Cubs

Jason McLeod goes inside the Ian Happ/Andrew Benintendi draft

Jason McLeod goes inside the Ian Happ/Andrew Benintendi draft

Imagine Andrew Benintendi — “Freddy Lynn reincarnated” in Joe Maddon’s mind — flying all over Wrigley Field and hitting in a lineup that already included Kyle Schwarber, Kris Bryant, Anthony Rizzo and Addison Russell all under club control through the 2021 season.

Two names stood out at the top of the draft board on June 8, 2015, the Cubs targeting their favorite demographic — college hitters — with the ninth overall pick: Benintendi and Ian Happ.

A Boston Red Sox scouting department with deep connections to Theo Epstein and Jason McLeod came at the No. 7 pick with a similar philosophy. Where one fast-track player hit .295 in 34 games for a 93-win team last year — and entered this season as Baseball America’s No. 1 overall prospect — the other is now batting cleanup for the defending World Series champs.

“We obviously liked (Benintendi) quite a bit,” McLeod said on this week’s Cubs Talk Podcast. “We spent a lot of time scouting him as well. Again, going back to that question, did we think (Ian would) be here this fast? (Look at) what (Benintendi’s) done with Boston. Players have recently just kind of switched the timetable a little bit, especially those ultra-talented guys.”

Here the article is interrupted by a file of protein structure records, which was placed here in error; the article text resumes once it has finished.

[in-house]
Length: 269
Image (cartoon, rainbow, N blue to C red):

McLeod, the senior vice president who oversees scouting and player development, couldn’t have his staff zero in on one player, the way the Cubs focused so heavily on Bryant (No. 2 overall) and Schwarber (No. 4 overall) in the 2013 and 2014 drafts.

One theory floating around an organization already loaded with hitters wondered if the Cubs would roll the dice with Brady Aiken, who got drafted with the first selection in 2014 but couldn’t reach an agreement with the Houston Astros amid medical concerns.

The Cubs ultimately viewed that as a risky investment where the payoff would maybe take years. Aiken — who had been recovering from Tommy John surgery on his left elbow — got drafted by the Cleveland Indians eight spots after Happ and is now pitching in A-ball.